The EA Rubric consists of several key components. Each key component and its application to each population group is described in this section of the website. Details of each of the key components are provided in the linked pages.
- Parent and/or Caregiver Interview(s)
The parent/caregiver(s) interview includes a discussion of educational progress, i.e., pre-literacy or literacy skills, including communication skills, visual behaviors in various environments, and other areas of the ECC.
- Teacher and/or Service Provider Interview(s)
The teacher(s) and/or service provider(s) interview gathers information that reflects the student's strengths, preferences, and needs related to learning (visual, tactual, and auditory) as well as the ECC content areas.
- Child / Student Interview
The child/student interview includes a discussion of educational progress, i.e., pre-literacy or literacy skills, including communication skills, visual behaviors in various environments, and other areas of the ECC.
- Review of Records
A review of records is conducted to compile information relating to educational history and progress, medical history, additional disabilities, and expanded core curriculum areas.
- Student Observations
Observations of a student should occur in multiple environments, at different times and sessions, as well as alone and with others.
- Appearance of Eyes
A description of the appearance of the eyes should note any structural or physical abnormalities of the eye.
- Behavior Abnormalities
Behavior abnormality is diagnosed if the child or adolescent exhibits extremely frequent or extremely severe maladjusted behavior in comparison with other children or adolescents of the same age, gender, or sociocultural group.
- Functional Peripheral Field
Functional peripheral fields refer to vision outside the student's central or detail vision (for example, used for reading). Fields are often evaluated using the confrontation testing technique which obtains a gross estimation of a student's four visual field quadrants (superior, inferior, left and right).
- Color Discrimination
Color discrimination refers to a student's ability to differentiate hues in the color spectrum.
- Light Sensitivity
Light sensitivity refers to a student's ability to accommodate to various changes in lighting in the environment.
- Developmental Visual Perception Skills
Developmental Visual Perception refers to a student's ability to interpret what is seen. Visual perception skills are developmental in nature and closely tied to cognition.
- Near Acuity and Discrimination
Near Acuity and Discrimination refers to a functional measure of a student's visual acuity within 16 inches.
- Distance Acuity and Discrimination
Distance acuity refers to a functional measure of a student's visual acuity beyond ten feet. Intermediate distance acuity should be considered from 16 inches to 10 feet.
- Depth Perception
Depth perception involves judging the distance of objects and their spatial relationship with one another.
- Contrast Sensitivity
Contrast Sensitivity is the visual ability to detect objects that may not be outlined clearly in their environment or may not stand out from their background. Corn and Koenig (1996) stated that contrast sensitivity is the ability to see differences in grayness and background in Foundations of Low Vision.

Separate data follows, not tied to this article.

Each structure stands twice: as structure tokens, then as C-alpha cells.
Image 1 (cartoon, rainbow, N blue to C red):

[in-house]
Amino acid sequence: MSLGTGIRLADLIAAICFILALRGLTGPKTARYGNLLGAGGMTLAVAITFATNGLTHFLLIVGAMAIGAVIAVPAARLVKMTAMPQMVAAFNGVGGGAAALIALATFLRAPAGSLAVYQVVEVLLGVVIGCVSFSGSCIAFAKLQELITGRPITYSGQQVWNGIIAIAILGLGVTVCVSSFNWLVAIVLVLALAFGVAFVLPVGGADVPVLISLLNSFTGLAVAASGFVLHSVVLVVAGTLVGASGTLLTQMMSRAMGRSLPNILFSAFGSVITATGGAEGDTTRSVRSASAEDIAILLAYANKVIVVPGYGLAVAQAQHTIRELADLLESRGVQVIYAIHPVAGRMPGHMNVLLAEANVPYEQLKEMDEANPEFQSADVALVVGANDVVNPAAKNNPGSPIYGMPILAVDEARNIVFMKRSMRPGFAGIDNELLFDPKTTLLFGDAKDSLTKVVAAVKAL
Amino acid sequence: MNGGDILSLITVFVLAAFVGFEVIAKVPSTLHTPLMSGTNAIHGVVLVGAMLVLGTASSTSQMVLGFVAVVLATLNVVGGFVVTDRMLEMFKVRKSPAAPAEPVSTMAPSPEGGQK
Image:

- Current Media Functioning
Current Media Functioning refers to the student's ability to access printed materials for near vision tasks.
- Formal Reading and Listening Skills
Formal reading and listening skills assessments determine the student's grade level, speed, and comprehension for all learners.
- Functional Reading and Writing Skills
Functional reading and writing skills encompass many daily tasks such as copying from the board, worksheets, and classroom materials and should include other audio and visual demands.
- ECC Needs Assessment
The ECC Needs Assessment is a screening record that collects information regarding the student's strengths, preferences and needs in all nine areas of the ECC. This is a strength-based screening that allows the IEP team, including the student, to identify priority areas of assessment and instruction.
- ECC Assessments
Age level/Grade level assessments are completed in identified priority areas for programming and instruction.
- Measurable Goals for the Individualized Family Service Plan (IFSP) and Individualized Education Program (IEP)
Measurable goals are required by IDEA 2004 [300.305(B)(ii); 300.320] and must be based on assessment data.
- Criteria for Eligibility Statement
Each state has individual guidelines for determining eligibility for students with a visual impairment. To be eligible for special education services students must have a certified visual impairment (eye health report) and documentation of how the visual impairment impacts the educational program (essential assessments).
- Recommendations/Educational Implications
Use information from the essential assessments to document needed accommodations to successfully access the general education.
TOTAL Numbers of Key Components
- Birth - 3 Years: 20
- 3-5 Years: 22
- 5-22 Years: 22
- Multiple Disabilities/Deafblind: 22